On top of being an Aberdeen graduate, Adam Roberts is one of the most consistently entertaining and thought provoking novelists around. If you only dare to dip your toe into the nerdorama that is sci-fi once (or speculative fiction as some like to call it), New Model Army would be an excellent place to start. It will get you thinking about networked technology, war, and most importantly, the early modern philosophy of Rabelais and the nation state.
In Jack Glass: The Story of a Murderer, Roberts tells three interlinked stories. There is a prison story, a murder mystery and a classic locked-room mystery. They all arc together. The stories are bloody and fascinating.
Here, explaining two of the characters, aristocratic heirs to great power, the narrator muses on what a dream is (Page 119):
As far as dreams were concerned – well dreams are generated by the random processes of neural oscillation during the brain’s rest phases. What dreams do is cycle and recycle images and feelings, rationalisations and fears. There’s nothing special about that. It’s not the dreams that matter (chaff, mental turbulence, the rotating metal bars moving endlessly through the transparent tub of metaphorical slushy). It is what the problem-solving circuits in the mind make of the dreams. Dreams iterate and test mental schemas, discarding the maladaptive to return the adaptive to the slush to be reworked. Dreams are emotional preparations for solving problems – that is why we have evolved them, because problem-solving abilities are highly adaptive and thus strongly evolutionarily selected. Dreams intoxicate the individual out of reliance on common sense and preconception, and tempt her into the orbit of private logic. Dreams have utility.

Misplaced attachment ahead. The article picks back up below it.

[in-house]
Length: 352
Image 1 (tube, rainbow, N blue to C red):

And then elsewhere there is a conversation about how people once upon a time (remember that the novel is set in the future) people “worshipped economics” (Page 62):
“… Because they believed that economics preserved the special place for humankind at the universe’s heart. We used to think the Earth was the centre of the cosmos, and that meant we were special, until science told us we’re marginal creatures. Then we thought the sun was centre, until science told us not even that was true. We used to think God made us in His image, and that meant we were special, until science told us we just evolved that way because it suited a landscape of trees and savannas. That’s what science does: it says, look again and you’ll see you’re not special. But economics? Economics is also a science. And what does it say? Ask my fathers, and they’d tell you. It says: there is energy, and there are raw materials, and that’s the cosmos. But without us the energy is random and the raw material is inert. It’s only labour that makes the cosmos alive. It’s only us that makes economics happen at all. And that makes us special.
Your Correspondent, Always in favour of the conceptual disorientation of the familiar